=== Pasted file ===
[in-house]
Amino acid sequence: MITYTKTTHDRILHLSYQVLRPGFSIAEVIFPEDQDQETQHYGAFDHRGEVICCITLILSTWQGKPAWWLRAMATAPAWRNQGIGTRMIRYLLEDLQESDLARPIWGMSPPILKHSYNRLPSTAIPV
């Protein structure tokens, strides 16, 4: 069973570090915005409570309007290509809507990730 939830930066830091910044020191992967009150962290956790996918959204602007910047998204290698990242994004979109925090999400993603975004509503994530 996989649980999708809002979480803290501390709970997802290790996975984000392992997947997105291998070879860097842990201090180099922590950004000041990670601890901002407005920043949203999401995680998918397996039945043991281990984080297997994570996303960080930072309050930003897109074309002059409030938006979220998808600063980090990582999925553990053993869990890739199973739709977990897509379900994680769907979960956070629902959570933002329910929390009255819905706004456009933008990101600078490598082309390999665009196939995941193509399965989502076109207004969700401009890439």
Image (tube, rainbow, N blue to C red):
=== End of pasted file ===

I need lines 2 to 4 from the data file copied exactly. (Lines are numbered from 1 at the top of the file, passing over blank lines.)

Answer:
Amino acid sequence: MITYTKTTHDRILHLSYQVLRPGFSIAEVIFPEDQDQETQHYGAFDHRGEVICCITLILSTWQGKPAWWLRAMATAPAWRNQGIGTRMIRYLLEDLQESDLARPIWGMSPPILKHSYNRLPSTAIPV
């Protein structure tokens, strides 16, 4: 069973570090915005409570309007290509809507990730 939830930066830091910044020191992967009150962290956790996918959204602007910047998204290698990242994004979109925090999400993603975004509503994530 996989649980999708809002979480803290501390709970997802290790996975984000392992997947997105291998070879860097842990201090180099922590950004000041990670601890901002407005920043949203999401995680998918397996039945043991281990984080297997994570996303960080930072309050930003897109074309002059409030938006979220998808600063980090990582999925553990053993869990890739199973739709977990897509379900994680769907979960956070629902959570933002329910929390009255819905706004456009933008990101600078490598082309390999665009196939995941193509399965989502076109207004969700401009890439």
Image (tube, rainbow, N blue to C red):